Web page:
Choosing the Right Gate Motor
Let’s say, hypothetically, that you have finally grown tired of your old rattletrap and you’re in the market for a new, more reliable, mode of transportation. Naturally, there are a number of factors you would consider and things you would weigh up before finally settling on a car.
Is safety an important consideration for you? Are you in the market for a family sedan or a sports hatch? Are you looking for something with superior fuel economy?
Similarly, when you’re preparing to have your world rocked by the amazing security and convenience provided by a gate motor, there are some things you need to think about to ensure that you get one that’s right for your application. But don’t worry, with some handy tips from your favourite access automation company you’ll be wielding that remote like a magical sceptre in no time.
AC or DC
We’re not referring to the Australian rock band of course (although our gate motors have been known to rock!), but rather to the form in which electric power is supplied to your operator. AC, or alternating current, means that the gate motor is being powered directly via the 230V mains supply from a distribution board in your house.
DC, or direct current, on the other hand, is a method of power delivery relying on some sort of “power store” such as a battery. You’ll find that the vast majority of CENTSYS gate motors are DC-operated.
And there’s a good reason for that. Power delivery, especially during the storm season can be quite unreliable. Your gate motor, being the holder of so many titles – security guard, butler, etc. – needs to be on duty around the clock, and DC units are able to continue operation even during lengthy power failures, whereas AC gate motors are not.
On the flipside of the coin, AC motors have a virtually unlimited duty cycle and will work tirelessly as long as they are being fed mains. Both of these modes of power delivery have their virtues, you simply need to decide which is best suited for your application. If you live in an area where power outages are commonplace, a DC unit is probably the best bet.
Weight of the Gate
Unless you’re an ant or former Governor of California (and sometimes actor) Arnold Schwarzenegger, you probably can’t carry much more than your body weight. But through the miracle of engineering gate motors are able to relatively effortlessly lug around several hundred times its own weight.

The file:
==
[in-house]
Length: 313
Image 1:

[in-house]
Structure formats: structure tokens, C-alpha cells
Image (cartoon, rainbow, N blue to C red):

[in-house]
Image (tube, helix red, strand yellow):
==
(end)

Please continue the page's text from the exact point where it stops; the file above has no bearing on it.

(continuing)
But that doesn’t mean it should be unrealistically loaded. Subjecting it to that kind of abuse will invariably lead to problems down the line, so first get an approximation of what your gate weighs before selecting a motor. The good news is that gates are usually much, much lighter than we think. For example, if you can lift one side of your gate to about the height of your shin, chances are it doesn’t weigh much more than 250kg.
This is more an extension of the previous point than a whole new heading. Pull force plays a monumental role in what gate motor you install, and has a direct impact on both the reliability and the service life of the operator. If you struggle to open and close your gate manually, be sure to choose a device rated for a high push force such as a D10.
The easiest and most accurate way to determine the weight of the gate is to use a pull scale as found in any angling goods store.
Swing or Slide
This one might seem fairly obvious if you already have a gate fitted, but if you’re looking to install a gate where there isn’t currently one this might warrant some thought. The truth is that both swing and sliding gate motors are equally rich in merit and which one you choose to fit simply depends on preference or, in the case of an existing gate, what the setup necessitates.
If you are going with a swing gate, remember to take into account factors like the length of the individual leafs, wind loading, etc.
If you follow these few simple selection guidelines you’re assured of a gate motor that’ll faithfully serve you for years to come.